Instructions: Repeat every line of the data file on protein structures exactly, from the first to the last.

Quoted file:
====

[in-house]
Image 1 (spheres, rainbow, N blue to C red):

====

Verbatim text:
[in-house]
Image 1 (spheres, rainbow, N blue to C red):